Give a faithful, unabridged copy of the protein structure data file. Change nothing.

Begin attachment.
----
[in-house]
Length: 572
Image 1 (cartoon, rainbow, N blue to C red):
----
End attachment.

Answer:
[in-house]
Length: 572
Image 1 (cartoon, rainbow, N blue to C red):